One of the things that I've been forced to realize is that, as a supervisor, some people will just hate my guts no matter what I do. Regardless of my best intentions, my carefully planned feedback presented in the most positive and motivating way that I can think of, my genuine attempts to win their respect through fairness and decency, some people will regard anything I do as inherently suspect, at best -- if not downright evil.
It is awfully demoralizing. I've experienced the same thing from a leader, too -- no matter how hard you try or how well you do, it's never enough. Everything is always bad. Yet, as a supervisor, it's a little different because it's so, well, personal.
It's not my work getting rejected, it's me.
An excellent example of this phenomenon was an incident that happened awhile back with an agent I'll call "Alice". Alice was always a pretty good rep and I thought we were on good terms.
One weekend I was providing floor coverage -- that is, watching what's going on and make sure the call center is tooling along smoothly. On weekends, it's pretty slim in terms of the number of supervisors, because the staff is low, too, but it also means you're usually flying solo most of the day. Part of my job is to check in on people who have blocked calls out -- for example, in what people in the industry usually call "wrap", or time after a call wrapping up an account -- or other codes that stop calls from coming in. I give them a few minutes, in case they're going to the bathroom or something, and then I go check to see if everything's OK. This is to make sure agents aren't getting too involved with one account, or having computer trouble, or, more usually, goofing around or sneaking off the floor for a few minutes.
I noticed Alice was offline for over 5 minutes so I decided to go check out what was going on. As I approached her desk, I notice she was sort of slumped over. I got very concerned and came over to her, saying, "Alice, all you ok?"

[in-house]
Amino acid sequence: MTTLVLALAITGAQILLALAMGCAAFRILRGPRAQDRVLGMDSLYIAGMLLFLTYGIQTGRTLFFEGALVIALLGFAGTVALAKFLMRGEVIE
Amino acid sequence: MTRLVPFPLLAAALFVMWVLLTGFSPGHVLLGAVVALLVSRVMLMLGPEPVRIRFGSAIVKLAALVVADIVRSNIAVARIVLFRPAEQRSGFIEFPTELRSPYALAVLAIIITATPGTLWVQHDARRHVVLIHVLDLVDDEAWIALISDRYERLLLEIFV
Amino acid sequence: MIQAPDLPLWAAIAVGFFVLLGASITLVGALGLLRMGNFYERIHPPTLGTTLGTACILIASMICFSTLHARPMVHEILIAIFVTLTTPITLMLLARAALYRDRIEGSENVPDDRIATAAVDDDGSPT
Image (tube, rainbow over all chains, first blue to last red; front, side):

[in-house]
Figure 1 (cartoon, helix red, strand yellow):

Alice shook her head at me, and I said, "Are you sick? Do I need to call an ambulance?"
Alice shook her head again no. I stood there for a second, wondering what was going on. She caught her breath for a minute, and said, "Low sugar." Alice flipped over a black cloth caddy on her desk, showing me her insulin and syringes.
I don't really know a diabetic personally and haven't dealt with these sort of attacks, but she obviously needs help. I ask, "How can I help you? Do you want me to go get some cookies from the cafeteria?"
Alice pulls out some money from her purse and puts it in my hand. "Mountain Dew," she says, breathlessly.
I hurriedly shuffle down to the caferia and rush back, putting the bottle of Mountain Dew in her hand. I put her change down as she's drinking. I ask again, "Are you going to be ok?"
She nods. She obviously doesn't really want to talk, and I feel like I'm intruding by hovering around. I jot down my extension for her and say, "Ok, I'm going to go back to my desk. Please call me if you need anything. Take the time you need, it's no problem." She nods again, seeming already better.
I check back on her a few times over the next hour, and throughout the day, and she seems okay. I was concerned, but a lot of people have health problems at my office, so I didn't want to make a big deal about it.